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Netflix Orders Four Marvel Live-Action Series

Under Disney pact, series slated for 2015 debut will include 'Daredevil,' 'Jessica Jones,' 'Iron Fist' and 'Luke Cage'

Netflix and Disney announced a multiyear deal under which Marvel Television will develop four original live-action series based on four of Marvel’s popular street-hero characters, set to bow in 2015.

Financial terms were not disclosed. Under the agreement, Marvel will develop four serialized programs leading to a miniseries programming event, unfolding over several years. The four series, set in the underworld of Hell’s Kitchen in New York, are to include “Daredevil,” followed by “Jessica Jones,” “Iron Fist” and “Luke Cage.”

For Netflix, it’s another foray into original TV built on established entertainment brands. This summer the company inked a deal with DreamWorks Animation, Netflix’s biggest ever for first-run content, under which the studio will produce 300-plus hours of original programming based on DWA characters.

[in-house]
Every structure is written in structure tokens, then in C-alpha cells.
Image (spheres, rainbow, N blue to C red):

Disney is opting to team up with Netflix after bringing Marvel properties to TV on ABC. This fall, the Alphabet net debuted “Marvel’s Agents of SHIELD” and ordered full 22-ep season this month after a strong initial showing; however, the show’s ratings have fallen in recent weeks.

Netflix has committed to a minimum of four 13-episodes series plus a culminating miniseries event, “The Defenders,” which “reimagines a dream team of self-sacrificing, heroic characters,” the companies said. The shows will be produced by Marvel Television in association with ABC Television Studios.

“This deal is unparalleled in its scope and size, and reinforces our commitment to deliver Marvel’s brand, content and characters across all platforms of storytelling,” Alan Fine, president of Marvel Entertainment, said in a statement. “This serialized epic expands the narrative possibilities of on-demand television and gives fans the flexibility to immerse themselves how and when they want in what’s sure to be a thrilling and engaging adventure.”

Marvel’s “Iron Man” and “The Avengers” are very popular on Netflix today, and the new series will draft off that fan base, according to chief content officer Ted Sarandos.

“Like Disney, Marvel is a known and loved brand that travels,” he said. Sarandos touted Netflix’s approach as enabling “new approaches to storytelling and to global distribution.”

Marvel project follows Netflix’s output deal with Disney announced in December 2012. Under that deal, Mouse House titles will be available exclusively on Netflix in the pay TV window in the U.S. after Disney’s pact with Starz concludes at the end of 2015. Deal covers films from Disney, Walt Disney Animation Studios, Pixar Animation Studios, Marvel Studios, Disneynature and Lucasfilm.

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